There has big push lately to bring more diversity in Kids and Young Adult literature and if you read through the comments on Goodreads I can see why it’s so important to have characters who are like them. The girls are so excited to have a heroine that share their religion and ethnicity. It was something that I obviously took for granted as a kid but it’s a positive movement. It has been fun to read about different cultures and traditions that I’m not familiar with but also how little we truly are the same. The one thing that makes Kids and Young Adult literature so universal is it’s about self-discovery and navigating the world. Themes that no matter where you are from, religion, race, gender or sexual orientation can identify with and that’s why it’s important that everyone is represented in literature, so we can see that we are not alone and we are all not that different.
Anyway, now on to the review. Scarlett Undercover is really enjoyable. Scarlett is smart, clever, sarcastic (I think you should all know by now that a sarcasm is something I hold dear) and brave. After graduating high school early, she spends her time as a Private eye. Mostly solving small cases, like is my boyfriend cheating type of things, when she is hired by 9 year-old Gemma Archer to investigate why her brother is acting strange. Little did Scarlett know that his case would lead her to answers about her own father’s death as well. Scarlett is a Muslim, though she is not devout as her sister Reem is, her religion does play a part in figuring out the mystery. I liked how Islam is presented here. Not once was Scarlett or any of other Muslim characters were called terrorist or any other derogatory slur. They are treated just like any other character is treated. As she gets more involve in her investigation, she soon finds that not only is the brother involved in some strange cult that includes Jinn’s (Genies) and magic but also holds the secret of her family and her as well.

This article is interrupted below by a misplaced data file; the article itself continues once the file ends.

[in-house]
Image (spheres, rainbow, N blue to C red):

The mystery itself plays out by the book, with little pieces if information at a time. Scarlett goes through the whole detective handbook but her best leads comes from the people she knows. In fact, if I was Scarlett I would have been annoyed that my friends and family knew more about her case and her life then she does. She handles it quite well. She actually handles everything well. She’s smart and quickly fits the puzzle together. She’s brave as she goes to great lengths to protect those who need it, like Gemma. She doesn’t back down, even though the smart money would be. She has spunk. I like that. In sort of a role reversal, Decker, Scarlett’s friend plays the part of the one dimensional love interest. We don’t know much about him except he’s known Scarlett his whole life, he’s Jewish and he’s good looking. So often the male characters are given far more interesting back stories even if they aren’t the main character so it’s kinda fun to see that Decker is reserved the role the female love interest gets. He’s there for Scarlett when she’s needs him to be. Gives her a sounding board and also supplies useful information that gets her going on her investigation but other then that he has no real personality outside of Scarlett. I’m not saying it’s a good thing to have one dimensional characters of any gender but it’s nice for once it’s the guy and not the girl.
My only real complaint is I felt the ending was a bit rushed. The book is pretty short and went by pretty fast but I felt the end came and went to quickly that I was like, that’s it. I feel like more time could have been used to explore about the Children of Iblis and the mythology behind them. Other then that I really enjoyed it. So if you are looking for a fun mystery with a smart, sarcastic detective then you should check out Scarlett Undercover when it comes in in May.